Coming off plane less than a mile from take-off, I settled in on my first waypoint.
Everything felt right, but as the minutes passed, I realized the fish had either left or just weren’t biting.
During that time, I noticed Todd Faircloth a hundred yards away, sitting on what appeared to be my next waypoint … and he was catching fish. I immediately moved in, trying to get a piece of the area, but he had the best part sewn up.
Although our conversation was cordial, it was clear he wasn’t in a mood to share. I did my best to flank him without interfering and eventually boated a limit of keepers, but Todd caught the better fish. By 9am that bite was done, so I headed south to see what bedding fish were left.
In a small cove on the eastern shore, I approached my first icon. To my surprise, the big smallmouth I marked in practice was still there. It bit on the first cast and after a short battle, I put the 3¾-pound smallie in the boat.
Before leaving, I decided to scope the area further — to avoid overlooking any new fish that may have moved in. As I worked my way into the cove, Justin Lucas idled out and left.
Minutes later, I discovered a pair of 2-pound males fanning fresh beds. I knew Justin must have seen them. I told my Marshal that he had to have a good bag, otherwise he would have fished for them. Both bit on the first cast.
In the next two hours I moved from waypoint to waypoint, trying to improve my weight. Unfortunately, most of the fish I marked in practice were gone. The only really big smallmouth remaining were so spooked I couldn’t catch them.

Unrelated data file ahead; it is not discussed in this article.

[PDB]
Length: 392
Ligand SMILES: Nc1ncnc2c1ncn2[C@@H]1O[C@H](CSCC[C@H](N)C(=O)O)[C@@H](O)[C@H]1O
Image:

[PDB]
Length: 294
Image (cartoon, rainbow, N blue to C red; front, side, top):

From there I ran to the docks, hoping to score on some of the pre-spawn female largemouth I saw in practice.
The day dragged on, but I was never able to upgrade. At weigh-in I brought 12 pounds to the scales. I knew day two would have to go much better if I were survive the cut.
Too Little Too Late
Rather than compete with Todd , I decided to start day two on another area of deep grass. A place where I had several quality bites in practice.
For the first hour, all I caught were pickerel and undersized bass. Then the bite quit altogether. Rather than run to the docks or look for leftover bedders, I decided to stay put and downsize my baits.
Switching to a drop-shot rigged 4-inch Senko, I boated the first couple of keepers. I put a 6-pounder in the boat a half hour later. I told my Marshal we now had a chance … I just needed a few more big bites.
They never came. The wind died and the water’s surface turned to glass. I wasted another hour there, then finally moved to the docks to finish my limit. As the day wore on, it became clear the bank wouldn’t give up the weight I needed. I tried moving back to the grass, but that failed me too.
At weigh-in, I learned that I had sunk deep in the standings. The only consolation was that I had big bass for the day. Otherwise, my tournament was done … as were my chances of qualifying for the Bassmaster Classic.
I trailered the boat one last time then headed to Florida — rewinding the experience countless times in my head.